Homeland urged to integrate info

But don't put the FBI in charge of domestic intelligence gathering and analysis, a task force advises Ridge

Markle Foundation: Task Force on National Security in the Information Age

Better information analysis and sharing is essential in the war against terrorism, but don't build a giant, central database in Washington, D.C., a panel of intelligence and technology experts advised homeland security chief Tom Ridge Oct. 7.

And don't put the FBI in charge of domestic intelligence gathering and analysis, they said.

Instead, create a horizontal, networked information sharing system and put the proposed Homeland Security Department or similar agency in charge of it, a Markle Foundation task force urged in a 173-page report delivered to Ridge at the White House.

Information critical to stopping terrorism is collected locally — by police, airport workers, FBI agents, emergency room personnel and others, the 35-member Task Force on National Security in the Information Age noted. What's needed is a system that can integrate, analyze and share that information.

So far, however, the Bush administration has not developed a coherent national information and intelligence strategy. Of the $38 billion in the 2003 budget for homeland security, only $200 million was earmarked for information integration, the task force said.

"We're very strong at collecting information and gathering intelligence. We're not so strong at processing it," said Philip Zelikow, executive director of the task force.

In the aftermath of last year's Sept. 11 terrorist attacks, it has become evident that the FBI, the CIA and other agencies had information about the possible use of airplanes as weapons, had some of the terrorists on watch lists, had suspicions about foreign students at U.S. flight schools and had records of suspicious financial transactions, but failed to put the information together or make it available where it could have been used to prevent the attacks, Zelikow said.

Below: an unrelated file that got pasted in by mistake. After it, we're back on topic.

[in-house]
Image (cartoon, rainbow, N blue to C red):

Law enforcement and security agencies are "not getting the basics right. On Sept. 11, known terrorists on watch lists bought tickets and boarded planes using their real names," he said.

"Inexpensive data checks, strategically planned, should have been able to prevent the [Sept. 11] attacks," the task force wrote in its report to Ridge. "Then, the government lacked the capabilities to perform them. Now, more than a year later, the government has still not acquired them."

Although the Bush administration plans to spend $40 billion on homeland security in 2003, "almost zero" is budgeted for information integration and sharing, said Zoi Baird, Markle Foundation president and the task force's co-chairwoman.

As an example of the improved information sharing it envisions, the task force recommended a "virtual consolidation" of a dozen or more government watch lists so that names can be checked simultaneously for matches. However, task force members said the watch lists should not be merged into a single data warehouse, nor should other centralized databases be created.

"America will make a mistake if we create a centralized 'mainframe' information architecture in Washington, D.C., rather than the networked, decentralized system that is needed," they wrote.

"Most of the people, information and action will be out in the field — in regional or local federal offices, in state, regional and local governments and in private firms," the task force noted, calling for the federal government to "build an operating system that can harness the distributed power of local, state and federal officials and analysts across the nation."

Developing such a system should be overseen by the Homeland Security Department, not the FBI, the task force said.

The FBI lacks experience in national security matters, and "there is a resistance ingrained in the FBI ranks to sharing counterterrorism information with the national security community and others outside of law enforcement channels," according to the task force.

The Homeland Security Department — if Congress opts to create it — is a better choice to oversee information collection and analysis, task force members said. The department would receive and analyze intelligence from multiple agencies, including the FBI and CIA, according to Bush administration plans.

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